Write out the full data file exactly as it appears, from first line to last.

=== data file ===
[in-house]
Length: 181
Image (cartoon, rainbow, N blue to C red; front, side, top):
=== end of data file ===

[in-house]
Length: 181
Image (cartoon, rainbow, N blue to C red; front, side, top):